plays a key role in fusion of the Paramyxovirinae subfamily of
the Paramyxoviridae family, its function in the Pneumovirinae
subfamily now appears to be different. Recombinant HMPV,
avian pneumovirus, and human and bovine RSV lacking the G
protein can enter cells and proliferate, suggesting that the
F protein alone can promote attachment and fusion (7, 31,
Despite this notable distinction between the two branches of
the Paramyxoviridae family, the F proteins of both appear to be
structurally similar. Paramyxovirus F proteins are trimeric type
I integral membrane proteins (13), and they are modified by
N-linked carbohydrates, which are often required for protein
folding or modulation of fusion (1, 11, 28, 29, 51). Further-
more, F proteins are synthesized as fusogenically inactive pre-
cursors (F0) that are subsequently cleaved to form a biologi-
cally active, disulfide-linked heterodimer, F1? F2(13, 22, 40).
The great majority of paramyxovirus F proteins are cleaved by
ubiquitous cellular proteases, such as furin or cathepsin L (35,
36). However, HMPV, like Sendai virus and human parainflu-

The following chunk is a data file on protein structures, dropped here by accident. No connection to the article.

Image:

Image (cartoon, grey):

enza virus type 1, requires the addition of trypsin to efficiently
propagate in cell culture, presumably to cleave the F protein
(6, 46). Work performed by Schickli and coworkers suggests
that trypsin does indeed process the HMPV F protein into a
mature form (41). However, laboratory-expanded strains of
HMPV in which the F protein underwent trypsin-independent
cleavage were isolated, and the F protein residues that ap-
peared to contribute to trypsin-independent cleavage were
identified (41). Recently, the furin consensus sequence was
introduced into the HMPV F protein cleavage site of a recom-
binant virus in order to examine the effects of trypsin-indepen-
dent cleavage on tissue tropism and virulence (5). This F pro-
tein mutant was cleaved efficiently in the absence of trypsin,
but infection was still restricted to the respiratory tract.